• Scientific name: Vigna umbellata
  • Mandarin Chinese: Chi Xiao Dou 赤小豆/飯豆
  • English: Red rice bean

I know I have not been posting for a long time. That is because I have been away, trying to recover from a serious bout of migraine.

During this journey, I have discovered the red rice bean. This English name is not a formal one, as the bean is not really known to the English-speaking world. On Wikipedia, someone gave the name as a literal translation of the alternative Chinese name “rice bean” 飯豆, an allusion of its size.

Originally, I thought I was looking at red beans, which is a related but different species: Vigna angularis. Red beans are bigger than red rice beans, which are more the size of the green mung beans, which are Vigna radiata.

Be careful not to confuse the red rice bean with the red version of mung beans and the Japanese sub-species of the red bean called Azuki beans. First of all, red rice beans are deep red while red mung beans are dusty red. Azuki beans are shaped more like the roundish red beans while red rice beans are small but longish.

Benefits of red rice beans

Red beans have the highest antioxidant content of ALL FOODS. Previously berries were occupying that place but as they are relatively pricey, this information comes as good news for many people who try to consume antioxidants in your diet. As you may already know, antioxidants get rid of the harmful free radicals in your body, which if remain, causes immunodeficient diseases like flu and cancer.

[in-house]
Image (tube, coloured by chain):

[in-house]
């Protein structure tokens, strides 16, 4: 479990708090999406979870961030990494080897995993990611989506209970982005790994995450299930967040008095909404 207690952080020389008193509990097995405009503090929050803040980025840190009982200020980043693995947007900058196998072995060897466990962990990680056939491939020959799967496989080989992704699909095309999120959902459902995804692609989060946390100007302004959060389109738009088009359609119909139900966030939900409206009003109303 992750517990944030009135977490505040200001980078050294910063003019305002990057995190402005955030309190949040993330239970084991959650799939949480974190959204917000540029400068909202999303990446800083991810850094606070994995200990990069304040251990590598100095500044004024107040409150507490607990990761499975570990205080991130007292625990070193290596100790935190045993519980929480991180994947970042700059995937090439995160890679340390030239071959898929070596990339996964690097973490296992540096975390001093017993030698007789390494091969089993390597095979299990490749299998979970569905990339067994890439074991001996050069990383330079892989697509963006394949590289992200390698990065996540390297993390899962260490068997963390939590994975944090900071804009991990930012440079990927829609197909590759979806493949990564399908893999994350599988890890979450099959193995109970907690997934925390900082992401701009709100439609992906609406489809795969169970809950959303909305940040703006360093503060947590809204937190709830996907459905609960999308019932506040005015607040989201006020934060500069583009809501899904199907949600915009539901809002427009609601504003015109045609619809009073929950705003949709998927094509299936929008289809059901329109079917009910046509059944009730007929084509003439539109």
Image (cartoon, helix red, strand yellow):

In traditional Chinese medicine, the red rice bean has the best medicinal qualities of all beans.

16th century herbalist/physician Li Shizhen wrote this about the red rice bean:

“induces the production of good fluid, facilitate urination, reduces swelling, stops vomiting; To be used to treat diarrhoea, alcohol intoxication; Helps to get rid of the swellings of winter fires (寒热), stops pus and dilutes the blood, induces milk flow…”

You can buy these at a traditional Chinese pharmacy or if you are lucky in a Chinese supermarket.

Unlike all the beans mentioned above, red rice beans are not eaten and are considered as a medicine. It does not get mushy when cooked, unlike the red and mung beans.

To obtain its antioxidant goodness, add a tablespoonful of rice beans to half a pot of water (1 litre). Boil for 30 minutes until the water is completely red. Add some sugar if you like. Drink it as a tea.

Note: if your red rice beans lose colour when cooked, then you may have been cheated. It could then by dyed red mung beans.